In its fourth year, Financial Times kicked off Digital Learning Week in London with a coding session in tribute to the "mother" of coding, Ada Lovelace.
Participants were treated to refreshments and views of the London city skyline as Angelique Vu, ambassador for Women in Learning and Leadership UK (WILL UK), inaugurated the morning with remembrances of Ada Lovelace (December 10, 1815 – November 27, 1852) and her contribution to STEM subjects. Lovelace is known as a female pioneer in engineering.
Lovelace referred to her approach as “poetic science” and set out to write notes and design diagrams that contained algorithms to instruct a machine to digest a code and read letters, symbols and numbers. The code, now referred to as the first published computing program, would not be used until the 1950’s, many years after its creation.
Lovelace's mentor, Charles Babbage, tried to garner government funding but failed to follow up their mathematical ideas, which might have sparked the computing revolution sooner.
The initiative, a networking breakfast at Southwark, sponsored by WILL UK, welcomed a diverse group, interconnected with events across four offices in Harlow, Holborn, Manchester, and Southwark to coincide with Ada Lovelace Day, October 13th.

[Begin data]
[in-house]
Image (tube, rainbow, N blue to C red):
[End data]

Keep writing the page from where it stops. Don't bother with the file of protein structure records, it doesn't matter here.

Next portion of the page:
Cracking kick-off to FT’s Digital Learning Week, accompanied by a coding session
A lack of coding confidence is a problem amongst many organisations, and there is a growing need to encourage coding skills and promote events like the Coding Session.
Hosted by a Code Club volunteer, the session challenged novices to build on MIT Scratch software that uses stacking commands (like LEGO blocks) to program functions.
The challenge encouraged colleagues, from HR teams to C-Level management, to gain a greater understanding of software engineering and the development of the technical skill-set. Last year, Decoded ran an intensive course over two days for senior management to learn how to code.
As organisations reach a maturity in the digital evolution, a next phase is set in motion to develop programming and coding skills, and not only for those whose jobs require it, but to a wider stakeholder group. The importance of being versatile and agile is imperative to the survival of most businesses.
Corporate coding intiatives focus on collaboration across departments, innovation in learning practices and integration of employees from across the business. Company infrastructures are being created to embrace the culture of learning, and a foundation is being set so that coding sessions can be initiated in the future.
Myriad organisations are working harder to develop employees' digital and technical skills. Forward thinking organisations see the value of investment in these skills with 87% of companies feeling that digital transformation is a competitive opportunity. (Capgemini, 2013)
Kathryn Parsons of Decoded, who ran a similar event last year, tweeted her support for the event.